Thursday, September 01, 2005

China | Gansu Province | Lanzhou

From Beijing I winged west 800 miles to Lanzhou, in Gansu Province, the old Silk Road city at the eastern end of the Hexi Corridor, the narrow passageway between the inhospitable deserts to the north and the impassable mountains to the south. Lanzhou is now a city of over three million, stretched out in a narrow ribbion for at least twenty miles in the narrow valley of the Yellow River.

The airport is forty-five miles from town, apparently since there is no flat space nearer. The country from the airport to town is barren, dessicated hills, looking in some places like the Badlands of South Dakota.

As soon as I got to town I headed for Baita Park, on the other side of the Yellow River, which actually is yellow. According to published sources, each square meter of water contains seventy pounds of silt. A half hour climb up the steep hills rising almost from the river bank brought me to the so-called White Stupa. The reason for this trip was to if possible discover if this stupa is the tomb of Sakya Pandita, the thirteenth century Tibetan lama who was instrumental in first introducing Buddhism to Mongolians. My guidebooks says the stupa "may" have been erected on the orders of Chingis Khan to honor a Tibetan lama who had impressed him for one reason or another. This is highly unlikely, since it was Chingis's grandson Kodan who first invited Tibetan lamas to Lanzhou and was apparently converted to Buddhism by them.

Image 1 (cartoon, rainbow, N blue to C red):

Sakya Pandita did die in Lanzhou and was buried in a stupa here, but it is still unclear if it is the White Stupa now found on the top of one of the hills in Baita Park. Some sources say this stupa in fact dates from the Ming Dynasty. In fact, the bottom half of the stupa is built in the traditional Tibetan style, while the top half of the seventeen meter high structure is in the form of a Chinese pagoda. This suggests that the Tibetan stupa existed first, built during the Mongol period, and the that the Chinese pagoda top was added later, perhaps during the Ming Dynasty. There seems to be no tourist literature about this in English, and I cannot find any scholarly references either. So it remains uncertain if in fact Sakya Pandita is buried here.

I spent two more days tramping around Lanzhou looking at all remaining historical sites and did not see another identifiable foreigner the whole time. Even Western franchizes are in short suppy here: all I saw was a half dozen or so Colonel Sander's Fried Chicken outlets and a supposedly authorized Apple dealer selling iPods.